I did what I could, feeding the last four owls daily throughout the rest of the winter and advising farmers in neighbouring areas on what to do to keep their remaining owls alive. I took my owls mice and then, as they progressed, one day old chicks, and also kept a few neighbouring farmers supplied with appropriate owl food. One of the main problems I had to overcome was that the food would freeze as soon as I put it out. Where there was access to electricity, I used propagator trays for plants to keep the food thawed. I also brought hot bricks from the log burner to put into the nest boxes.
The owls got quite used to me coming round with my meals-on-wheels service and as spring came around they were in good shape. And then there came an unexpected glimmer of hope. It turned out that all the snow had actually protected the barn owl’s main food source – the vole. Voles can live quite happily under a thick blanket of insulating snow. So, when it melted there was a bountiful supply and my remaining barn owl pairs went on to have a good breeding summer. Both pairs had four chicks each. It doesn’t sound like a lot, but eight new owls were now a great boost to the population in this area. Fortunately barn owls are one of the only British owls to have two broods a year in a good vole year, which means that eight new owls can lead to many more.
As these new owls left their homes and spread out across the countryside, I began to see barn owls appear where they had been absent for months. This winter a female barn owl roosted in the roof space of my workshop. I’ve enjoyed watching her progress through the coldest months of the year and put food out for her when I thought she needed it. Since 2010 the population has clawed its way back to stable levels. I have continued feeding a few local owls through difficult spells– and there always seems to be a challenge with the weather at the moment. It’s either too hot, too cold, too dry, too wet or too windy.
But where I was once complacent, I now take great delight when I see that a nesting site has become recolonised and I appreciate seeing barn owls hunting all the more. Just this spring I have seen encouraging signs of a new pair of barn owls hunting together in a valley that hasn’t had owls in it for three years. Hunting together is a part of their courtship and a great sign they will breed together this year. Courtship hunting can start as early as February but March and April is the best time to witness it. A good tip if you want to spot them, is to wait for a few days of poor weather and head out as soon as it clears up. The barn owls are desperate to be out hunting.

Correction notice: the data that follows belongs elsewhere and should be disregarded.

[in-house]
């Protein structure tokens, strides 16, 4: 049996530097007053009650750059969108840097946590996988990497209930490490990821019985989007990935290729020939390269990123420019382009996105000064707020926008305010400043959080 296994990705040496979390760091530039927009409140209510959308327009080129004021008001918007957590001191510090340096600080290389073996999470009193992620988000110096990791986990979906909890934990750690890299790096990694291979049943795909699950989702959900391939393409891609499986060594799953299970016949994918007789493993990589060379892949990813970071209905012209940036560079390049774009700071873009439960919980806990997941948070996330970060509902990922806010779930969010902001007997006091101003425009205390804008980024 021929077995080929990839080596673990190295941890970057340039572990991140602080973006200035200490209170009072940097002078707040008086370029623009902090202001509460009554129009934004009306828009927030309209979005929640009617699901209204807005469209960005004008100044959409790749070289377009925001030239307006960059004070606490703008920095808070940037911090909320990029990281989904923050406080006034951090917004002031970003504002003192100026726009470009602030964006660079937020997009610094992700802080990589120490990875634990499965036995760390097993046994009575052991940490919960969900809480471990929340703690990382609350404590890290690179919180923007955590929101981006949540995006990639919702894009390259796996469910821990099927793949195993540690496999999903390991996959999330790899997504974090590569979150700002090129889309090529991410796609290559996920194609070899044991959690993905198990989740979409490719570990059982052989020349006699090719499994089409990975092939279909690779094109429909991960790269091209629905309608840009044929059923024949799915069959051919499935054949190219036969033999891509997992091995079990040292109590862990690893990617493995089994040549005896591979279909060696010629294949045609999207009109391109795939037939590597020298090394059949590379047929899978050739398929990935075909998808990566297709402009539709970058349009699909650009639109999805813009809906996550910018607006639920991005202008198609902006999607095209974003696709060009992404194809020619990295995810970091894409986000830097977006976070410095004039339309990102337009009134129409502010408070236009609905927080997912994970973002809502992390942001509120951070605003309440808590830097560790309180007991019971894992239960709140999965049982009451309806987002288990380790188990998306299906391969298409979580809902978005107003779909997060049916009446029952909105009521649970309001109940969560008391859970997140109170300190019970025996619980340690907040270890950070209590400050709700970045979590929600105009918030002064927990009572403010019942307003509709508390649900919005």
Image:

The female needs to build herself up, ready for egg laying and so you are very likely to see them in daylight at this time. It really is a special sight to see such beautiful birds flying in tandem along the dale sides. One day this pair flew right over my head. I hissed like an owl and the male hovered over me – far to close for me to focus my camera. Then he was off again. Next the female turned and hovered as if she had heard something and within a split second I trained my camera on her just before she twisted her wing and plummeted into the grass. I saw her grabbing at a tussock of cockfoot’s grass and then she reached in with her beak and reappeared with a plump vole.
She flew off to a nearby fence post to polish off her meal. I headed home pleased to note that another valley had been recolonised. More recently I have only seen the male hunting so I am hoping that she is in the nest box brooding. I am waiting with anticipation. But of course with all my eagerness to find new nesting pairs I have to be careful not to disturb the owls. I never look into a nest box until the breeding season is well underway and the chicks are hatched. It will take years of good fortune for barn owls to return to their pre-2010 numbers but I can say with confidence that barn owls are definitely back.Author: Robert E Fuller